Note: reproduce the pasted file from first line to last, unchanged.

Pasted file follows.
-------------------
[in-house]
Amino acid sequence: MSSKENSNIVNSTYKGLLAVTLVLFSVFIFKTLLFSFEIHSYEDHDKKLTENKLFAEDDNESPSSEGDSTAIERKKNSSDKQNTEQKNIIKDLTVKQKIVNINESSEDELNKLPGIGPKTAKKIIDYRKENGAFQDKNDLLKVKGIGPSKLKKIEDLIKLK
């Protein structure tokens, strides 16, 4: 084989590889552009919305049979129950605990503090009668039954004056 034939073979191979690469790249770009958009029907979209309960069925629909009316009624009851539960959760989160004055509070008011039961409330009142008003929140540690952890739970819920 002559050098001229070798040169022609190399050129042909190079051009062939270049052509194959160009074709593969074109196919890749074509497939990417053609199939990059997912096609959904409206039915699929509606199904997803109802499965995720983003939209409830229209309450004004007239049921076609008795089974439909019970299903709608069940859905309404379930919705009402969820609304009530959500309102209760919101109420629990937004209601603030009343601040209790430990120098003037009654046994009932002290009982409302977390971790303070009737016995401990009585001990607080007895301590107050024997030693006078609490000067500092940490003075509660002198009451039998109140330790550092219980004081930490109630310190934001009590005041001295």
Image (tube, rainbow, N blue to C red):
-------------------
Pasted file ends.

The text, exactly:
[in-house]
Amino acid sequence: MSSKENSNIVNSTYKGLLAVTLVLFSVFIFKTLLFSFEIHSYEDHDKKLTENKLFAEDDNESPSSEGDSTAIERKKNSSDKQNTEQKNIIKDLTVKQKIVNINESSEDELNKLPGIGPKTAKKIIDYRKENGAFQDKNDLLKVKGIGPSKLKKIEDLIKLK
């Protein structure tokens, strides 16, 4: 084989590889552009919305049979129950605990503090009668039954004056 034939073979191979690469790249770009958009029907979209309960069925629909009316009624009851539960959760989160004055509070008011039961409330009142008003929140540690952890739970819920 002559050098001229070798040169022609190399050129042909190079051009062939270049052509194959160009074709593969074109196919890749074509497939990417053609199939990059997912096609959904409206039915699929509606199904997803109802499965995720983003939209409830229209309450004004007239049921076609008795089974439909019970299903709608069940859905309404379930919705009402969820609304009530959500309102209760919101109420629990937004209601603030009343601040209790430990120098003037009654046994009932002290009982409302977390971790303070009737016995401990009585001990607080007895301590107050024997030693006078609490000067500092940490003075509660002198009451039998109140330790550092219980004081930490109630310190934001009590005041001295």
Image (tube, rainbow, N blue to C red):